Rodin found himself with no choice but to use the skills he had been taught and turned to decorative work to make his living. True artistic inspiration did not come until almost twenty years later when he left France and travelled to Italy. It is there that he discovered the creative mastery of Michelangelo and Donatello. It was a revelation. The realism and emotion he saw so clearly expressed in Michelangelo's work was a complete departure from the stilted, classical works expected in sculptures of the time. In Donatello's sculptures he witnessed irreverence and individuality that had long been stifled in his own work. Auguste, at last, had found his "voice" and he realised that the reason he was not accepted to the Ecole all those years before was that he could not conform to classicism. Suddenly he knew what he wanted to create, and he wasted no time. His own genius had finally been ignited.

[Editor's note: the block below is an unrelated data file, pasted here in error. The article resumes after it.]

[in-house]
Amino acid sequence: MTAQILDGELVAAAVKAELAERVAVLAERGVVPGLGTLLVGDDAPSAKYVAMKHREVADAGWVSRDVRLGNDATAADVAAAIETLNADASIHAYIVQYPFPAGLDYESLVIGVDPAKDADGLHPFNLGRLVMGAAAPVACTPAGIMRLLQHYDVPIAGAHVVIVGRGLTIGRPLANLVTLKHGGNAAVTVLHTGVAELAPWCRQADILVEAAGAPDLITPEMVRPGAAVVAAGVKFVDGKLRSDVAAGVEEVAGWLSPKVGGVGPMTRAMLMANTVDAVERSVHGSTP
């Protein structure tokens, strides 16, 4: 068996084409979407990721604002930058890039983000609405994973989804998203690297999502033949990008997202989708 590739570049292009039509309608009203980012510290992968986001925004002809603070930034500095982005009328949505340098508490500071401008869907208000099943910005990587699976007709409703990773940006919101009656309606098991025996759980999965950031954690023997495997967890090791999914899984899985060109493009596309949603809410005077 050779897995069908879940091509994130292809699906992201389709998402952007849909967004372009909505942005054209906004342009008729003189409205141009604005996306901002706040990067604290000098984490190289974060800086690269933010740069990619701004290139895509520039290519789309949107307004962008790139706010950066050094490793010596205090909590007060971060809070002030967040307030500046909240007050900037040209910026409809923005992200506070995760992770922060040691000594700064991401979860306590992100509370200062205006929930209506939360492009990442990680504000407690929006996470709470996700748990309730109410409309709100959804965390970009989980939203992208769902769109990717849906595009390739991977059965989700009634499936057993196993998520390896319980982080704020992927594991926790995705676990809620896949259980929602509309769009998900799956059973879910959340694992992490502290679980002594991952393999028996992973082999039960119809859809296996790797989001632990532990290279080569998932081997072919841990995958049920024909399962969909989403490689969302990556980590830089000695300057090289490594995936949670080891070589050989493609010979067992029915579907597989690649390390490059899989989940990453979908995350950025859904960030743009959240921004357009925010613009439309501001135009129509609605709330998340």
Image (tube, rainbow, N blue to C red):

Rodin the Realist

Universal acclaim did not come easily to Rodin. Critics found his work to be too realistic and too far removed from the classical subjects and poses of the traditional sculptors. However, after his epiphany in Italy it would have been impossible for him to create anything that did not express the honesty that he had encountered. From the very moment Auguste began to craft his original works he somehow managed to depict, almost brutally at times, raw, human feelings from joy to grief and everything in between. In 1876, at the age of thirty-six, he created the first example of his "truth", The Age of Bronze – a truly seminal work. It depicts a naked man who appears to be in an attitude of anguish.